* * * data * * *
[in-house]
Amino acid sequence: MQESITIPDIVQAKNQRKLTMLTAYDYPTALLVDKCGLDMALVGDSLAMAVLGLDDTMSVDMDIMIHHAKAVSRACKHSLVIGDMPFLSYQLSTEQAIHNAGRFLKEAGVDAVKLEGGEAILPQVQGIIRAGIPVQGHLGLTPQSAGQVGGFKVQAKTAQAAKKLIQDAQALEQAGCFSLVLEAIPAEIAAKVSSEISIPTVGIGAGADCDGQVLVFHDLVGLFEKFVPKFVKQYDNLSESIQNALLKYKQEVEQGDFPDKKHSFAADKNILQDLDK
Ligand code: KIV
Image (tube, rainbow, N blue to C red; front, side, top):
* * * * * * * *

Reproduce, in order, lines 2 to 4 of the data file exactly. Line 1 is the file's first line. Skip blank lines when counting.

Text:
Amino acid sequence: MQESITIPDIVQAKNQRKLTMLTAYDYPTALLVDKCGLDMALVGDSLAMAVLGLDDTMSVDMDIMIHHAKAVSRACKHSLVIGDMPFLSYQLSTEQAIHNAGRFLKEAGVDAVKLEGGEAILPQVQGIIRAGIPVQGHLGLTPQSAGQVGGFKVQAKTAQAAKKLIQDAQALEQAGCFSLVLEAIPAEIAAKVSSEISIPTVGIGAGADCDGQVLVFHDLVGLFEKFVPKFVKQYDNLSESIQNALLKYKQEVEQGDFPDKKHSFAADKNILQDLDK
Ligand code: KIV
Image (tube, rainbow, N blue to C red; front, side, top):